Scott Boden, professor of orthopaedics, has been named director of the new Emory Orthopaedics & Spine Center. Located in Executive Park South at the intersection of I-85 and North Druid Hills Road, the 95,000-square-foot center offers patients of all ages one-stop access to the full range of specialists involved in diagnosing and treating musculoskeletal problems.
Boden has been director of the Emory Spine Center for 10 years.
In his new role, he will preside over a larger and more complex
institution that includes 13 spine specialists and more than 30
other physicians and professionals in orthopaedics, physical medicine
and rehabilitation, sports medicine, physical therapy, pediatrics,
psychology, podiatry, family practice, pain managementand occupational
medicine. Clinical services in the new center are being phased
in, with a grand opening scheduled for March 18-19.
"For many years it has been common in the United States to offer
comprehensive centers for the diagnosis and treatment of heart
disease and cancer," Boden said. "It turns out, though, that musculoskeletal
problems are a far more common reason for people to visit a doctor
than either cancer or heart disease. Musculoskeletal conditions
and injuries account for more than 102 million physician office
visits per year.
"We believe," he continued, "the time has come for the same comprehensive approach to musculoskeletal conditions that medicine has long offered for heart disease and cancer."
The new center brings together a wide range of imaging services, screening for osteoporosis, physical therapy, and ambulatory surgery for spine and joint conditions. Some 60 percent of all surgical procedures for orthopaedic conditions now are offered on an outpatient basis, and that percentage likely will increase in the future. The center includes two orthopaedic surgical suites and two suites that will be used for nerve blocks, steroid injections and other pain relief procedures.
"We place a lot of emphasis on non-operative treatments as a first priority, and we are known for exhausting all non-operative possibilities before we proceed to surgery," said Boden, noting the center is open to patients without a physician referral.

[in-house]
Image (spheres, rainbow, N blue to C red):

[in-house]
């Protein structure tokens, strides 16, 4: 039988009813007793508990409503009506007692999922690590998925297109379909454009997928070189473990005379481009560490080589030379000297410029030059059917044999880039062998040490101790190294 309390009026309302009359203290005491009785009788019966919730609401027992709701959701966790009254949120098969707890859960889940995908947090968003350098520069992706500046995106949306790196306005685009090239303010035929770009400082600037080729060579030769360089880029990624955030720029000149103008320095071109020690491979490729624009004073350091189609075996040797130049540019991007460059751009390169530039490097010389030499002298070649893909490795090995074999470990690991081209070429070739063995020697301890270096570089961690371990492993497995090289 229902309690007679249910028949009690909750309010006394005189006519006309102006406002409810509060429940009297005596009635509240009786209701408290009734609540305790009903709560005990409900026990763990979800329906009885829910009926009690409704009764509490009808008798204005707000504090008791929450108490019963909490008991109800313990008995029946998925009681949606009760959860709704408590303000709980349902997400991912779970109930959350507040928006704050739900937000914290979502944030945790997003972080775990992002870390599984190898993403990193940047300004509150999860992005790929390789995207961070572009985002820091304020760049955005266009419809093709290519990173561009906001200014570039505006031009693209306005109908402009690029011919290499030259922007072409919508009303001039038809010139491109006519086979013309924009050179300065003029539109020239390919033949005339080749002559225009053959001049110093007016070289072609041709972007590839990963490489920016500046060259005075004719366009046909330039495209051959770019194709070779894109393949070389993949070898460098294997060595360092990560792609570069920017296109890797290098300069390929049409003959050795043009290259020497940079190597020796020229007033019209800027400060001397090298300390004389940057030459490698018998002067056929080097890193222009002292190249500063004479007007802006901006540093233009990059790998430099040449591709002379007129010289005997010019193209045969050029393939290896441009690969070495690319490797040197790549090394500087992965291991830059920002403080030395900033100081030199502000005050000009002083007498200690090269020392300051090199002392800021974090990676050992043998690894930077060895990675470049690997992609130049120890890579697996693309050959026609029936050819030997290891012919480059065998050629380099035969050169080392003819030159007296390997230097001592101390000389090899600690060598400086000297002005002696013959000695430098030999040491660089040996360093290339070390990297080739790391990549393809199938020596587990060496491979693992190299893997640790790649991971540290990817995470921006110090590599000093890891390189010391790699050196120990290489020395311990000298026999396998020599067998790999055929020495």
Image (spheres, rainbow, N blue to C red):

Boden said the new center has been designed to provide maximum convenience and efficiency for patients. Problems that previously may have required visits to three separate facilities over a 10-day period now can be managed in a single, coordinated visit to the new center.
"Most of what we take care of are common, everyday injuries and problems," he says. "We are capable of handling even the simplest complaints. We can also handle the most complicated of conditions. We have a number of clinical trials going on at any given time, allowing us to provide the latest and greatest technology for the benefit of our patients before it is widely available to the general public."
Highlighting the increasing prominence of musculoskeletal conditions
in an aging population, the World Health Organization and President
George W. Bush have named the first decade of the 21st century
the National Bone and Joint Decade. It is estimated that musculoskeletal
conditions cost the United States some $254 billion annually; that
number is expected to rise by 2020, when the number of people over
age 50 will double. Recent estimates have calculated the annual
U.S. expenditure on low-back pain at $117 billion.
Boden is board-certified in orthopaedic surgery and fellowship-trained in spine surgery. His medical degree is from the University of Pennsylvania, and he served an internship and residency at George Washington University Medical Center in Washington. Boden began his career at Emory in 1992, and he is a leading researcher in gene therapy for spine fusion and ways to enhance bone healing and replace the need for harvesting bone graft.